I Loved Them Both

My journey from culturally programmed monogamy to expansive polyamory.

Samia Mounts
Jan 22 · 16 min read
Photo by Tyler Nix on Unsplash

I was always a sucker for romance. I still am, but it used to be an unhealthy fixation. When I was a blossoming (read: awkward) preteen, I bought into every cultural trope about meeting The One and finding True Love that the movies and love songs could throw at me.

I believed that you could only love one person at a time, and that maybe none of it was really love unless it turned out they were The One, meaning you were on a path to marriage.

I never wanted kids or fantasized about my wedding, so I guess I was weird that way. But I definitely believed there was One True Love for me out there in the world, and that I just had to be patient while life schemed to place that person in my path at the Exact. Right. Moment.

It would be magical. S/he would take my breath away, sweep me off my feet — or perhaps I’d do the sweeping — and we would live happily ever after, basking in the glow of our perfect love.

Photo by Nathan Dumlao on Unsplash

Unfortunately, The One was not making him/herself apparent quickly enough, so I started projecting my One True Love onto whoever was turning me on at the moment. I write this with the scathing clarity of hindsight. At the time, it all felt woefully sincere.

My first serious boyfriend was a punk rocker who was furious with the world and had a tendency to treat strangers with more care and generosity than he would ever treat me.

But he said those magic words: “I love you.”

I believed him. I said them back. And then, in a bout of impulsiveness reserved for the impossibly young and foolish, I moved to Kaysville, Utah, to live with him in a filthy single-wide trailer for a full year. Fantastic decision-making, courtesy of the One True Love myth.

Our relationship was tumultuous and abusive from the beginning, but I stuck it out as long as I could. I thought saying “I love you” meant you were committed to each other, and I envisioned us together forever…until it became obvious that that would be a very sad future for me.

Eventually, the severe emotional and mild physical abuse overrode the circuits in my brain screaming about ONE TRUE LOVE, and I got the hell out of there. I packed all my things plus three cats into my mostly broken Jeep Grand Cherokee and drove off into the sunset.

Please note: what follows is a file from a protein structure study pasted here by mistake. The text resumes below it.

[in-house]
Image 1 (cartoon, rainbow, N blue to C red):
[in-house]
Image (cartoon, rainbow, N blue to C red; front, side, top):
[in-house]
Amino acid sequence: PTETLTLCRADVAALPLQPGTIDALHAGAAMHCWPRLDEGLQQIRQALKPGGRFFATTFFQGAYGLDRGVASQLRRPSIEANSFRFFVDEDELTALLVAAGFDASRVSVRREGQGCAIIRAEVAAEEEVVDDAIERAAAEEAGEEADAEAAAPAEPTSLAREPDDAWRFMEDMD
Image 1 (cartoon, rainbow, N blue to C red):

After that, I identified as a lesbian for a couple of years. Once you’ve dealt with the genitals of a man who prides himself on rarely showering or wearing underwear, you’ll understand that my temporary distaste for dick was real. Also, I didn’t realize this at the time — it took me years to acknowledge how abusive that relationship was — but I was traumatized and needed time to heal.

During that time, I met Brittany. Oh my God, Brittany. She was so beautiful. She was perfect. I was in love! I wanted to be with her forever.

That did not stop me from making out with a curvaceous hottie in the bathroom at a party that Brittany didn’t attend. I should’ve gotten an inkling of my future in nonmonogamous exploration then, but instead, I just assumed I was a dog, a total piece of shit.

Photo by Sincerely Media on Unsplash

I decided to be honest about my shittiness, and that was it for me and Brittany. She also bought into the idea that if you really love someone, you’ll never want or love anyone else in a romantic or sexual way again. True Love is exclusive and monogamous. That’s just basic facts, right?

I was bouncing between the US and my hometown of Seoul, Korea — I’m not Korean, I’m a military brat, it’s a whole thing, don’t ever ask me where I’m from, it’s the worst — for a few years after that, and that’s when I met Gabriel. He lived in Seoul, a brilliant, devilishly handsome American expatriate.

I’d never been so attracted to another human being in my life. I thought I knew what it felt like to be really into someone, but I was wrong. This was different. It was magnetic, hypnotizing, intensely sexual. When he looked at me, my stomach did butterfly flips. When we touched, it was like being hooked up to a power generator. My body and soul vibrated just from his hand brushing mine.

Whooooa. He must be The One.

We made plans to go out on what seemed like a date, but ended up being a group hang. His ex-girlfriend, a slim, curly-haired French Canadian woman, was there. She saw me all moony-eyed next to him, and managed to get back together with him that night. It was actually pretty impressive.

Ha! So much for True Love. Le sigh.

Gabriel and I became really close friends, and that’s how it was for the next two years. In that time, I moved to New York City. Bye, Gabriel!

Gabriel and the possessive French Canadian girl eventually broke up (PS: she HATED me — I can’t imagine why), and I ended up back in Seoul for a short spell one late spring. Gabriel and I finally slept together, and holy sparkle balls, it was magnificent! I was 25 at the time, and I’d been sexually active for eight solid years. I’d racked up some numbers in that time, and I thought I knew what good sex was like.

Photo by Gabriel Matula on Unsplash

I had no idea. This was different; this was everything! It was a reason to go on living! It was a direct connection to the divine! With him, everything was so easy, so natural, effortlessly passionate. Also, we’d already been saying we loved each other as friends for two years, so when we started saying it while fucking, it made the fucking feel like love-making…because that’s what it was. We loved each other. Still do.